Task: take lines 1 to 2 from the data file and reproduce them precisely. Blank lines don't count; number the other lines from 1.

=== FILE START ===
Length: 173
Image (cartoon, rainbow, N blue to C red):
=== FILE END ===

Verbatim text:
Length: 173
Image (cartoon, rainbow, N blue to C red):